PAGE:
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Discussion in 'Bucks' started by Dayna, Nov 7, 2019.
That Ram...is definitely freezer bait! In the video
One of my Nigerians get killer goat mean during rut, but is sweet as pie the rest of the year. He bit my elbow the other day (but only got a mouthful of dirty barn jacket), and tried to head butt me when I reached in to feed him. We had a bit of a "meeting of the minds" so to speak, and he backed down after that, but.......he is worth way too much $$$$ to just ship or even sell. I can't get bloodlines like his any more, bother parents are dead. He's 8 or 9 or so.
I've never had a problem with one at any age really.
I'm sorry you have had to deal with it.
Is he the only buck you have? I wonder if having as many as I do (I've got 8 now I think), they work off that energy on each other? Cause they are constantly pushing and mounting each other.
Yes, he was my only buck. I did send him to a home that has multiple bucks so we shall see how he does.
I was wondering if anyone here had put a hobble on their bucks? We have Kiko bucks and one Nigerian dwarf buck. My oldest buck (Louie-huge boy and is well over 100 lbs) broke in half a 4 x 4 post to get to the does. We put a hobble on him to keep him from running into things and it really helped. I hated seeing him have to walk slowly, and I would check his legs often to make sure no sores started. After about a week I was able to remove the hobble as he settled down. I did eventually sell him but he has a terrific new home with all the does and he's the only buck.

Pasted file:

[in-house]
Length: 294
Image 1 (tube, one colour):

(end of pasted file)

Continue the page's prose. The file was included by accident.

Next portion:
As a matter of fact, I never had any big troubles with bucks or rams.
Yes definitely. I have a Mini-Alpine 1 yo, wether 2 yo, wether 4 yo, intact buckling less than 1 yr and intact buck that is 2 yo and a successful breeder. Of course the experienced buck is my naughty boy and none of them have been aggressive with me yet. I didn't know to BOLO for behavioral changes and aggression as they reached full maturity.
I see your posts to the forum often and I believe you to be an experienced member of this group so I would like to know how you discipline your goats for bad behavior. I don't like to hit animals. What do you do to discourage bad behavior? I know you prefer to put your goats to work as it burns off the excess energy which leads to mischief. I don't have a cart what else would you suggest?
Set up an obstacle course and teach him the obstacle course. Go for long walks.
Now that you mention it, my pet wether used to love to take walks with me until we moved to a larger place. Now when he gets out of sight of the rest of his herd he just plants his feet. He was an "only child" until we moved. What's up with that I wonder.
I think it is @ReNat who puts his/her goats to work. I have had good fortune, first of all, purchasing very kind animals for the most time. Those who used to bully fellow goats were put into the freezer faster than quickly, leaving the kind ones to reproduce.
I remember once, when I was sitting on a wooden box inside the goat pen, stroking my goats, and one month-old buckling tryingly put his horns among my ribs. I did not even think, I just shoved him away, down from the box. I do not well remember, I THINK I grabbed his ears, at least not his horns. And yelled something unfriendly at him, like "What are you doing, son of a snake?" He never tried it again. (But he ended up in the freezer anyway, because the next winter-hay and the space indoors were setting the limits.)
One thing that goats really detest is a human, wet kiss on their dry fine goaty nose. Also some "paragraphs" can be discouraging from mischief, like when you "read the law" to a dog, nose to nose and a firm but peaceful grip around the neck, talking for some time.
Another effective method is to carry the goat. A small kid you can lift altogether, and so demonstrate how very strong you are! When he grows bigger, you must stick to half the goat, preferably the front legs off the ground, at the same time talking friendly to him, this is not a punishment, but rather an unusual way of cuddling!
Hope it was helpful.
What is BOLO?
Be On the Look Out